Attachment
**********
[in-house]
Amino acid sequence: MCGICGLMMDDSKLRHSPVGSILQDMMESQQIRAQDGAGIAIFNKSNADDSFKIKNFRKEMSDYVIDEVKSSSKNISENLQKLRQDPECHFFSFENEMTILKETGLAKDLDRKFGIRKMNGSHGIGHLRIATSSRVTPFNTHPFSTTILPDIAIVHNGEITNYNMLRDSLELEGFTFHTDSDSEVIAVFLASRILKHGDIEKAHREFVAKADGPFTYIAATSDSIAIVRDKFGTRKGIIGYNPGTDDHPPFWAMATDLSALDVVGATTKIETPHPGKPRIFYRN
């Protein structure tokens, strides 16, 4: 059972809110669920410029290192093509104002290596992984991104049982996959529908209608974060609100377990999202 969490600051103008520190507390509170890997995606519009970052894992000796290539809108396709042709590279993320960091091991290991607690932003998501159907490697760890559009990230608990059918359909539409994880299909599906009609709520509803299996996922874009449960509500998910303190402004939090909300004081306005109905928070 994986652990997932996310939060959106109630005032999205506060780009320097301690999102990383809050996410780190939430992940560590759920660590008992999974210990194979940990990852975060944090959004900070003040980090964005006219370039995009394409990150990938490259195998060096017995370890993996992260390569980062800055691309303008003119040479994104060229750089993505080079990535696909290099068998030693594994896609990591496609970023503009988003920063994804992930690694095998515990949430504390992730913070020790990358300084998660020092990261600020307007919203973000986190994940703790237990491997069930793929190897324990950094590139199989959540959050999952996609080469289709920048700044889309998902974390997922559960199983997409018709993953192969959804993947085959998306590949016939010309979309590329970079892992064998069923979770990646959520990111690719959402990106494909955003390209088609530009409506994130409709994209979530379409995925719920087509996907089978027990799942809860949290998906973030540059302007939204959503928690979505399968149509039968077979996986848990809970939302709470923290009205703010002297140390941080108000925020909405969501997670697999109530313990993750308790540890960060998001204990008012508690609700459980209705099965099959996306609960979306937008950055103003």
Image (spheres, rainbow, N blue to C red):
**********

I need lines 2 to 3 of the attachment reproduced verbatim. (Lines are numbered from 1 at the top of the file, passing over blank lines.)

Amino acid sequence: MCGICGLMMDDSKLRHSPVGSILQDMMESQQIRAQDGAGIAIFNKSNADDSFKIKNFRKEMSDYVIDEVKSSSKNISENLQKLRQDPECHFFSFENEMTILKETGLAKDLDRKFGIRKMNGSHGIGHLRIATSSRVTPFNTHPFSTTILPDIAIVHNGEITNYNMLRDSLELEGFTFHTDSDSEVIAVFLASRILKHGDIEKAHREFVAKADGPFTYIAATSDSIAIVRDKFGTRKGIIGYNPGTDDHPPFWAMATDLSALDVVGATTKIETPHPGKPRIFYRN
């Protein structure tokens, strides 16, 4: 059972809110669920410029290192093509104002290596992984991104049982996959529908209608974060609100377990999202 969490600051103008520190507390509170890997995606519009970052894992000796290539809108396709042709590279993320960091091991290991607690932003998501159907490697760890559009990230608990059918359909539409994880299909599906009609709520509803299996996922874009449960509500998910303190402004939090909300004081306005109905928070 994986652990997932996310939060959106109630005032999205506060780009320097301690999102990383809050996410780190939430992940560590759920660590008992999974210990194979940990990852975060944090959004900070003040980090964005006219370039995009394409990150990938490259195998060096017995370890993996992260390569980062800055691309303008003119040479994104060229750089993505080079990535696909290099068998030693594994896609990591496609970023503009988003920063994804992930690694095998515990949430504390992730913070020790990358300084998660020092990261600020307007919203973000986190994940703790237990491997069930793929190897324990950094590139199989959540959050999952996609080469289709920048700044889309998902974390997922559960199983997409018709993953192969959804993947085959998306590949016939010309979309590329970079892992064998069923979770990646959520990111690719959402990106494909955003390209088609530009409506994130409709994209979530379409995925719920087509996907089978027990799942809860949290998906973030540059302007939204959503928690979505399968149509039968077979996986848990809970939302709470923290009205703010002297140390941080108000925020909405969501997670697999109530313990993750308790540890960060998001204990008012508690609700459980209705099965099959996306609960979306937008950055103003």